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Great Leaders Master “The 3 Levels of High-Performance Leadership Communication”

National Hockey League Hall of Famer Mark Messier is recognized as one of the greatest leaders in the history of professional team sports. This reputation is backed by the fact Messier is the only player to captain two separate teams to the Stanley Cup Championship.

 

So, when Messier talks leadership, people should pay attention.

 

After winning his sixth Stanley Cup in 1994, and the first for his New York Rangers in 54 years, Messier was quoted in a Sports Illustrated article on how he gets the most out of the players as a team captain:

 

“To lead effectively, you have to have the trust of those on your team, and to do that you have to find a way to connect with them, to find common ground with every individual. It’s a people issue, not a sports (or business/job) issue. The way to find that common thread is compassion.”

 

Messier’s quote describes the highest level of leadership communication, what I call Level 3 Leadership Communication.

 

As Messier’s quote reveals, Level 3 Leadership Communicationis about connecting with the individuals on a team so that the leader understands what uniquely motivates each.

 

One of the roadblocks to a leader embracing and engaging in Level 3 Leadership Communicationcomes from one of the earliest lessons children learn in life, something called the “Golden Rule.”

 

To recount that lesson from early childhood, the “Golden Rule” states, “Do unto others as you would have them do unto you.”

 

On the surface it seems like a great approach.

 

The challenge is that statement comes with a pre-supposition that every person a leader leads will have the same interests, desires and motivations. And those interests, desires, and motivates will remain constant throughout the term the individual is working with you.

 

These assumptions regularly cause misunderstandings between leaders and their respective team members, which causes the erosion of motivation, morale and trust.

 

An approach that champion leaders like Messier apply is called “the Champion Leaders’ Rule,” which states, “Do unto others as they want to be done unto.”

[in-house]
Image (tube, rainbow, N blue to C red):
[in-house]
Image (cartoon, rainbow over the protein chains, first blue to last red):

This approach takes a concerted effort to invest time and energy in getting to know the personal aspirations and motivations of the individuals on the team, as Messier noted. But as Messier’s six Stanley Cup Championships attest, the return on that investment can be tremendous.

 

There is a strong caveat to applying Leadership Communication Level 3, however, because a leader that has not invested time and energy in building the foundation in Leadership Communication Level 1(self-awareness and self-communication) will do more to de-motivate team members and will sabotage the trust and commitment necessary to generate high-performance from individual team members.

 

To prove my point above, think about how many 1:1 ‘performance review’ discussions fail to generate the positive feelings and the performance improvements discussed in the session with a team member. This is often the case even when a leader gets “agreement” from the team member regarding the improvements that need to be developed.

 

Too many performance review discussions end up creating animosity, distrust and confusion instead of the intended outcome of higher performance.

 

When a leader invests in themselves in Leadership Communication Level 1to:

 

• become self-aware of how they want and need to show up as a leader, and

• how they need to project themselves when they are in front of their team members (Leadership Communication Level 2), plus

• develop their personal internal and external communication, either individually or collectively,

 

the results received from the team will grow exponentially, and it will happen with you spending significantly less time trying to motivate the team as a unit because the team members will take ownership and responsibility of the effort.

 

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